Huber, Raymond

Huber, Raymond

Information

Primary publisher
Walker Books, Australia
Rights enquiries
Jaclyn Prescott, Walker Books, email: marketingwba@walkerbooks.com.au
Publicity enquiries
Contact page at www.raymondhuber.co.nz

In Brief

Raymond Huber is a writer, editor and teacher. His junior novels Sting and Wings are told from a bee’s point of view, and his non-fiction picture book, Flight of the Honey Bee, is about honey bees. Kirkus Reviews said of the book, 'This handsome, respectful volume deserves a place on the shelf'. Huber has been involved in educational writing and he has written for the School Journal and for US schools. He is available to visit schools as part of the Writers in Schools programme and can lead Professional Development sessions for teachers.

ABOUT THE AUTHOR

Huber, Raymond (1958 - ) was born in Christchurch, and lives mainly in Dunedin. Huber has a Bachelor of Horticultural Science (1980), a Bachelor of Education (1991) and a Diploma in Children’s Literature (2001). He has been a community worker; a gardener; a primary school teacher; and has worked as a writer and editor since 2004.

Huber released In Motion and Technology Now, both published by Thomson Nelson in 2007, and he has written thirteen Primary School Textbooks for ESA Publications (2000-2008). He has written readers for US Core Literacy Programmes, and has had articles in the School Journal. He has had short fiction published in Hideous and Hilarious (Random House NZ, 2007) and Showtime (Random House NZ, 2008). He has a story in the Te Papa children's book, Curioseum (2014). Huber was the McGonagall poetry prize winner in 2005.

Walker Books, Australia, is Raymond Huber's main publisher. Sting (2009) was a finalist in the junior fiction category of the 2010 New Zealand Post Book Awards for Children. Sue Hoffart in North and South wrote that the book, ‘May be the first children’s novel from a bee’s point of view…adventure with a sense of humour and a serious eco message.’ Sharon Greenway reviewed the novel for Magpies, ‘It is because of his individualism that Ziggy becomes a hero and also finds his heart’s desire. A strong message that says it’s okay to be different.’ The author writes, ‘Sting brings together my love of children’s literature and science. I wanted to create an adventure with a small hero who saves the world. Honey bees proved perfect characters.’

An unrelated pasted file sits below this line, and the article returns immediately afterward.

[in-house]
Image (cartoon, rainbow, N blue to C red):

Wings (2011) was a finalist Sir Julius Vogel Awards (Science Fiction and Fantasy). The Sydney Morning Herald review stated 'Huber creates courageous characters with whom readers will empathise instantly.' It was included in the NZ Listener's Top 50 books of the year: 'This bee’s-knees sequel is worth it just for the awareness it raises of the plight of the world’s bees.'

Flight of the Honey Bee (2013) is a hardback picture book published in the US, the Uk, Australia, Denmark and New Zealand. It is ‘lyrical non-fiction’, a mix of science and poetic story-form. The illustrations by Brian Lovelock also blend art and science, with accurate insects upon expressive backgrounds. Kirkus Reviews said, 'This handsome, respectful volume deserves a place on the shelf … it succeeds in accurately dramatizing honey bee behavior.' And Peta Andersen from Walker Books wrote, 'It’s rare to find a book which is so inextricably tied to events children can relate to while at the same time presenting a story so unlike theirs.'

Flight of the Honey Bee was a finalist in the Non-Fiction category of the 2014 New Zealand Post Book Awards for Children and Young Adults.

Raymond’s latest book is Peace Warriors (Mākaro Press, 2015) which tells the exciting stories of people who chose non-violent resistance in times of conflict. A war hero who refused to kill again; students who stood up to a dictator; a ship which sailed into a nuclear test zone; a whole village which used non-violence against the Nazis. These twenty stories from New Zealand and the world show that peaceful resistance and people power can be more effective than military force. David Hill describes it as ‘compelling and engrossing; the Otago Daily Times said it is 'Full of hope and notions of empowerment.’

MEDIA LINKS AND CLIPS

Updated January 2017.